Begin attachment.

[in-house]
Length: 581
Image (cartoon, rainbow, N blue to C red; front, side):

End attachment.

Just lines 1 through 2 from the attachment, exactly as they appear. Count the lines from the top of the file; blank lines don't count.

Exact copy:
[in-house]
Length: 581